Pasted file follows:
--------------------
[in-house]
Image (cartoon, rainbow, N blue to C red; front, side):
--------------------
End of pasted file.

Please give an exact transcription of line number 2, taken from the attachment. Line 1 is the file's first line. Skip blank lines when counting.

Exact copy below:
Image (cartoon, rainbow, N blue to C red; front, side):